The world experienced economic turmoil during the 2007-2008 financial crisis. Low interest rates boosted borrowing, a boon to existing and prospective homeowners, but created a bubble that would impact consumers and the world's banks.
The Great Recession that followed ushered in the term too big to fail. Regulators and politicians used it to describe the rationale for rescuing some of the country's largest financial institutions with taxpayer-funded bailouts. Heeding critics over the use of tax dollars, Congress passed the Dodd-Frank Wall Street Reform and Consumer Act in 2010, which eliminated the option of bank bailouts but opened the door for bank bail-ins.
- Big banks were deemed too big to fail following the financial crisis of 2007-2008, resulting in government bailouts at the expense of taxpayers.
- Financial reforms under Dodd-Frank Act eliminated bailouts and opened the door for bail-ins.
- Bail-ins allow banks to convert debt into equity to increase their capital requirements.
- Bail-ins shift the risk to unsecured creditors, including depositors whose account balances exceed the FDIC limit of $250,000.
Bank Bail-In vs. Bank Bailout
Bail-ins and bailouts are designed to prevent the complete collapse of a failing bank. The difference between the two lies primarily in who bears the financial burden of rescuing the bank.
With bailouts, the government injects capital into banks, enabling them to continue their operations. During the financial crisis of 2007-2008, the government injected $700 billion into companies like Bank of America (BAC), Citigroup (C), and American International Group (AIG) using taxpayer dollars.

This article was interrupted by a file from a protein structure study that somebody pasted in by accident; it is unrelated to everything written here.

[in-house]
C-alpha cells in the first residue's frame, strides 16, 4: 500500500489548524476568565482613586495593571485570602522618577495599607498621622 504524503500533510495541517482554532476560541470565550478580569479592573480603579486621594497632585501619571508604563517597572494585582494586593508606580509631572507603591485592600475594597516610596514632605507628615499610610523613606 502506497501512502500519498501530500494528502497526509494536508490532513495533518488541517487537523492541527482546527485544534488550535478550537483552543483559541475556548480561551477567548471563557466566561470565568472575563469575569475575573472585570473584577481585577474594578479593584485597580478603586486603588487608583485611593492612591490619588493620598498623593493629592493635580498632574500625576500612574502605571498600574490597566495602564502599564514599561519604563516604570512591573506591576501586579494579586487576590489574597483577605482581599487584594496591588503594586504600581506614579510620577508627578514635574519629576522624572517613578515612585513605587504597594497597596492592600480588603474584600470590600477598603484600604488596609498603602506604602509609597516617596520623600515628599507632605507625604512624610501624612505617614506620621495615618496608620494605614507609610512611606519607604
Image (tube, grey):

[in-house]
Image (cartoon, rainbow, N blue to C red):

Bail-ins provide immediate relief when banks use money from their unsecured creditors, including depositors and bondholders, to restructure their capital. Banks can convert their debt into equity to increase their capital requirements. Although depositors run the risk of losing some of their deposits, banks can only use deposits over the $250,000 protection provided by the Federal Deposit Insurance Corporation (FDIC).
Unsecured creditors, depositors, and bondholders fall below derivative claims. Derivatives are investments that banks make among each other, used to hedge their portfolios. To avoid a potential calamity, the Dodd-Frank Act gives preference to derivative claims.
Bank Term Funding Program
Following the collapse of Silicon Valley Bank in March 2023, the Federal Reserve Board authorized all twelve Reserve Banks to establish the BTFP to make available additional funding to eligible depository institutions to help assure banks can meet the needs of all their depositors. The program will be a source of liquidity against high-quality securities, eliminating an institution’s need to sell those securities in times of stress.